Nov 5, 2009 (last update: Nov 9, 2009)

DLL Symbols

Score: 3.6/5 (61 votes)
What is a DLL? A DLL is a dynamic-linking library. It acts as a shared object in which multiple programs can call the same DLL more than once.

Why use a DLL? It's not much different from the concept of Linux shared objects and libraries. A little bit different in design though. In short terms, it saves space and allows extensive code reuse.

Facts about the DLL: When a DLL is compiled, it's functions are referenced by symbols. These symbols directly relate to the functions name (the symbols are represented by visible and readable strings), its return type, and it's parameters. The symbols can actually be read directly through a text editor although difficult to find in large DLLs. These symbols may also be extracted using functions from the WinAPI. BREAKPOINT: Insert screenshot or example here. DEF files also come in use for reference although these maybe avoided. Also, with a DLL, an implementation exists. Using the DLL, we may generate a .lib file provided you have the DLL at least. Now using the symbols and the libary that you may generate from the DLL, you can actually create your own simple headers to call functions implicity from the DLL. Cool huh?

Why should I care? Normally you wouldn't. It's often used in basic hacking. But it may also be used as a good reference and a good recovery tool, especially if you know how you designed the DLL. Say you have a DLL that you implemented a while back. It's simple, has four or five functions to it. But you no longer have the headers, the library, and you don't remember the function names. Using this method, you can easily recover all of this. Although this can also be true for DLLs that are not yours and weren't meant to have third-parties call.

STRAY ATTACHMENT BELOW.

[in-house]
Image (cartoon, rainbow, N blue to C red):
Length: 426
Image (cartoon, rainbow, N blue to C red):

I don't care about all that! I never implement DLLs anyways! You say that, but in a sense you do. DLLs are very similar to a Windows executable file. As a result, you can actually load an executable and explicitly call an executable the same you do a DLL (thanks Null). You may also implecitly call a executable as well but we do that every time we make an executable. BREAKPOINT: Do executables use the symbol system?

Your a liar! Oh yeah? When ever I tried making a UT2004 anti-cheat by manipulating the DLLs, I failed miserably and I noticed that a lot of people thought it was because you can't use this method as it doesn't work at all. Well, they are wrong! As a response to this, I will implement a basic DLL, delete any reference to it except the DLL itself, and recover everything use step by step instructions in this article. BREAKPOINT: Should I use C for clear symbols or C++ even though a little bit longer in steps?

The Process!
The DLL to hack:
The process of doing this is simple. First we need to extract the public functions that are callable by the client. Now don't get me wrong guys, symbols are complex and they aren't there just for the exported functions. So as a result, we simply need to extract the functions we want which coincidentally are 90% of the time publicly exported functions. For example of all symbols:

First we need to make a .DEF file. In MinGW, this is done using pexports which even gives it in a format compatible with DEF files. We can place it in a file using pexports BasicDLL.dll. In VC++ console you can use dumpbin /exports (I could have sworn you could export def files with dumpbin) shown: This is just what I knew off hand. I spent nearly an hour yesterday getting my Windows environment setup without success. I was trying to avoid Code::Blocks but I guess that won't be the case.

Though I've done a lot of research on how to hack into and take advantage of a common DLL, I don't know much about it's background or internals. I'm currently researching that and posting as I go.